And so it was on Thanksgiving Day, 2004, when asked what had been my favorite year, I realized I was living it.
Fast forward to November, 2013, nine years later. I was feeling depressed and needed a way to focus on my blessings. I put up a blank poster on the door of our kitchen pantry asking everyone to write down something they were thankful for. And sadly, I couldn’t think of anything I wanted to write down. I stared at the blank poster for a minute, then walked away. I told myself that something would come to mind. I just needed to not think so hard about it.
That poster stayed blank for the rest of that day and evening. As I went to the pantry the next morning to get some cereal for breakfast, there it was. Stark and white. Surely others had seen it, but no one had written anything down. And that thought frightened me even more! What if everyone else in the house was just as depressed as me and not one of us could come up with something to be thankful for? Suddenly I felt the weight of the world on me. I had to put something down on that poster right then and there.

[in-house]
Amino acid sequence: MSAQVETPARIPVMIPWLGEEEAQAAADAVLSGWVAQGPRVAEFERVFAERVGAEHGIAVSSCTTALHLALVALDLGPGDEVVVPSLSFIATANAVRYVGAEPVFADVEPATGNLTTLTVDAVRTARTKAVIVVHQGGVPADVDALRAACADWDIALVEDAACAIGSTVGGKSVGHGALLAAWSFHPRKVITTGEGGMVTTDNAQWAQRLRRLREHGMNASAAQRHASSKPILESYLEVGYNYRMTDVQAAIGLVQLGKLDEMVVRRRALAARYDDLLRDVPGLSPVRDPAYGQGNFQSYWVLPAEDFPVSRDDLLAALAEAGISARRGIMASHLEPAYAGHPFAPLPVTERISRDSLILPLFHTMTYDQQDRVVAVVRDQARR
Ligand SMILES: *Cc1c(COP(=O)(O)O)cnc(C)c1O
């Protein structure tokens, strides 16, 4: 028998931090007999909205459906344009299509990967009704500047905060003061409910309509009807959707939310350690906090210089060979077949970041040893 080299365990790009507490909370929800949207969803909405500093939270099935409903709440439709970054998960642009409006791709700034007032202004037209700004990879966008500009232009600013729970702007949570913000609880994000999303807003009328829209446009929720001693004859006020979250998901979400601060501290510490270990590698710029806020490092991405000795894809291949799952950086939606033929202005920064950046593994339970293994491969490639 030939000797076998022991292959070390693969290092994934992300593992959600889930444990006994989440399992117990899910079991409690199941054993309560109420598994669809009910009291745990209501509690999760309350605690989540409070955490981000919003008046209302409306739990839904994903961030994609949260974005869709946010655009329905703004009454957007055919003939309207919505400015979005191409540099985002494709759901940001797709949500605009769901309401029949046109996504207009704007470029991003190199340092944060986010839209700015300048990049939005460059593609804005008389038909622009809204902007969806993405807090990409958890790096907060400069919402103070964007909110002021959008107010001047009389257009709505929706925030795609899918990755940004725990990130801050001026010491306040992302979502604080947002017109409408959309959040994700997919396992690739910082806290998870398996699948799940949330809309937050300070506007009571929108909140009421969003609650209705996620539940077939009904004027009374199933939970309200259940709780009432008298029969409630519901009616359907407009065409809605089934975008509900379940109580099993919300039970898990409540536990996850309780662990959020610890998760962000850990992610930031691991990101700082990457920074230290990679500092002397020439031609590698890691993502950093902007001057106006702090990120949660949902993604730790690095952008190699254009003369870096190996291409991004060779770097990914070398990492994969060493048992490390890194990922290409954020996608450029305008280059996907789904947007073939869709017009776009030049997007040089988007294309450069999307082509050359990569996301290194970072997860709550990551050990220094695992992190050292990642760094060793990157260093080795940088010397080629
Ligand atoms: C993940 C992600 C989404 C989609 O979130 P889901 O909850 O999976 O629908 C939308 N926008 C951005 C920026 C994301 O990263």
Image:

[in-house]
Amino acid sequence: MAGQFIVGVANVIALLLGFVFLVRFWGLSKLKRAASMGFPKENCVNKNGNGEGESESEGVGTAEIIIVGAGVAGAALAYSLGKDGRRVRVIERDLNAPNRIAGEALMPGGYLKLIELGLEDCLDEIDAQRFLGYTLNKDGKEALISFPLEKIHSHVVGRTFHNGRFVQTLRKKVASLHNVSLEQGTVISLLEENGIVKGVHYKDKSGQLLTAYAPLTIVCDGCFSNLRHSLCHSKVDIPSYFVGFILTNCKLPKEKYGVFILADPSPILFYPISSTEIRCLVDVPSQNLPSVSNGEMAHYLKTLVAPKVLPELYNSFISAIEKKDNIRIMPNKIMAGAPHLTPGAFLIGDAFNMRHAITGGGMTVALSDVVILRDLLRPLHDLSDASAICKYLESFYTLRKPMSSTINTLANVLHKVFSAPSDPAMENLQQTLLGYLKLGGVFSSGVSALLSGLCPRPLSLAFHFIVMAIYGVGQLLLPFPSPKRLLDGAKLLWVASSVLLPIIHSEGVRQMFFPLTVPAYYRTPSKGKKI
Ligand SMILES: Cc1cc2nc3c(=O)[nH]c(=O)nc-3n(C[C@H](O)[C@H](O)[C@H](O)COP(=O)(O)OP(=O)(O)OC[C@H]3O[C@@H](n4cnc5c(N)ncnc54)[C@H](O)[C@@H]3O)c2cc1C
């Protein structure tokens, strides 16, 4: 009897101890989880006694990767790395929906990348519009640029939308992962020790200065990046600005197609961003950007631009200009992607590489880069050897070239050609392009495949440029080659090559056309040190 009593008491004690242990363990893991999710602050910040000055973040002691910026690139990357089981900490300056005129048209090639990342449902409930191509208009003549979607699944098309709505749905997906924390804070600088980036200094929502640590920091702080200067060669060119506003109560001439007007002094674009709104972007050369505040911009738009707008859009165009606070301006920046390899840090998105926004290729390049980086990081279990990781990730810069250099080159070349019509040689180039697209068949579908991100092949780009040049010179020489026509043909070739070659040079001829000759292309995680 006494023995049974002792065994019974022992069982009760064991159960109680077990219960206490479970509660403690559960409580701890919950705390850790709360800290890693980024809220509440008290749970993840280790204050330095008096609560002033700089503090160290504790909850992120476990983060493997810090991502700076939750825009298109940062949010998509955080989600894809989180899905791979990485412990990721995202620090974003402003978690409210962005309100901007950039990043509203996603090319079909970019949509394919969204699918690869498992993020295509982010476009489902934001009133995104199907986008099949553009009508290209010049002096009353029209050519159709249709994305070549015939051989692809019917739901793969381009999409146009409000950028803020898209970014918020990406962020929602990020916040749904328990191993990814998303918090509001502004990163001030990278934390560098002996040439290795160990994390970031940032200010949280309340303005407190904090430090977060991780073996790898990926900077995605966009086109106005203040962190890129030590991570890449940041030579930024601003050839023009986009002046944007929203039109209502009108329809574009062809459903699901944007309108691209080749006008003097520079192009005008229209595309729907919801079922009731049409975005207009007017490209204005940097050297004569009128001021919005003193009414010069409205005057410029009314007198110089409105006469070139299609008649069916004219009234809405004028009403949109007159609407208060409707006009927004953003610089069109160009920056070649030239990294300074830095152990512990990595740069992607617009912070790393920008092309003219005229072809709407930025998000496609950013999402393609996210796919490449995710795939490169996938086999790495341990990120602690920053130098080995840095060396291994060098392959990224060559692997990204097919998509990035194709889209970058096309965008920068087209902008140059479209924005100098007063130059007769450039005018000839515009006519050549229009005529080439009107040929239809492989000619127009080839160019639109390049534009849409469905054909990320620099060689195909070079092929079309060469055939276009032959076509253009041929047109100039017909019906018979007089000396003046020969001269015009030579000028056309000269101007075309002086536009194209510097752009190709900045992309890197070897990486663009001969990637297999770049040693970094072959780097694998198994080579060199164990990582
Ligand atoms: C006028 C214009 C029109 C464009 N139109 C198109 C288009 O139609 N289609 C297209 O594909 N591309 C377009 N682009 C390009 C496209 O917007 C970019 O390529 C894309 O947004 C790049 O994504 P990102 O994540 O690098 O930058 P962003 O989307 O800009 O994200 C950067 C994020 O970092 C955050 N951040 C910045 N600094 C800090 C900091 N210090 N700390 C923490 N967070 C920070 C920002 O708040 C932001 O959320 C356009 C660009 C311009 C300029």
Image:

I grabbed a marker and I wrote, “someone emptying the dishwasher.” Ha! How lame is that? I asked myself. Worse, it was written in marker and I couldn’t erase it. Even worse, it was a lie! I was the only one who ever emptied the dishwasher. I knew I would be thankful if someone else emptied it but no one ever had. And now I had a boldfaced lie in black on white staring at me. What the hell… So I added another lie. Underneath my other words I wrote, “cleaning the kitchen” and “cooking a meal for all of us.” I figured I could see them as wishes. Wishes are blessings—when wishes come true. I threw the marker on the counter and took my cereal to the study to eat my breakfast without the poster to look at.